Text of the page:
Until May 27th, visitors to the New-York Historical Society can experience the WWII & NYC exhibition that has taken over most of the Museum’s main floor. The exhibition explores the experiences of New Yorkers of all different backgrounds during the war. In honor of this exhibition, Katie Yamasaki will read from her beautifully written and illustrated book, Fish for Jimmy: Inspired by One Family’s Experience in a Japanese American Internment Camp, on May 18th at 1 pm. The event will be free with Museum admission.
As a preview to her event, Ms. Yamasaki answered our History Detectives author questions We hope you enjoy the interview and that you come to hear her read, see photos of her family, and get your book signed on May 18th!
DiMenna Children’s History Museum: What were you like between the ages of 9 and 12?
Katie Yamasaki: Between the ages of 9 and 12 I was very busy and very athletic! I loved to do gymnastics and play soccer at that time. I also loved drawing and paper maché sculpture at school. I was with friends from my neighborhood and my cousins most days after school and every weekend. If I could describe myself with one word, it would be active!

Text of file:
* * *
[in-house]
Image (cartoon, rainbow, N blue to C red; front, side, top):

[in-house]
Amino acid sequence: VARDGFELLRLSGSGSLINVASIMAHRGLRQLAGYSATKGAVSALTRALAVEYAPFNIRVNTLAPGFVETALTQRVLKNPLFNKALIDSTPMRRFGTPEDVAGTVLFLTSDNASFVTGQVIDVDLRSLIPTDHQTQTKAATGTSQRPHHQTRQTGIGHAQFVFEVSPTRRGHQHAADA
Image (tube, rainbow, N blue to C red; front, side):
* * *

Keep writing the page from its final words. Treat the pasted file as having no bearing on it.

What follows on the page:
DCHM: What is your favorite time period in American history? Why?
KY: My favorite time period in American history is probably the 60’s- I am very inspired by all of the social and political resistance movements that were happening at that time.
DCHM: What is your favorite place in New York City? Why?
KY: My favorite place in NYC is probably the middle of the Brooklyn Bridge, Jacob Riis Beach or Brooklyn Bridge Park. I also love the front steps of the Brooklyn Museum. I love all of those places because they always feel like you are surrounded by lots of breezy, fresh air and people who are taking a moment away from their busy lives to enjoy some open space. The fountain in front of the [Brooklyn] Museum is a very joyful place as well with kids splashing and playing all summer long. That brings many people joy.
DCHM: What made you want to write Fish for Jimmy?
KY: For as long as I can remember, I felt that there needed to be more stories about the Japanese Internment. I grew up knowing that it happened, and knowing that it happened to my family. That said, I never had a teacher from kindergarten-12th grade who even acknowledged that it happened. I feel that Fish for Jimmy needed to be told, not only to share an underreported part of history, but also to make connections between violations to our civil liberties of the past with those of the present. I also wanted to tell a story that shows the courage and resilience of children during times of war.
DCHM: What three words best describe Fish for Jimmy?
KY: Honest, Suspenseful, Family
If you have any questions about this program, email email@example.com. See you there!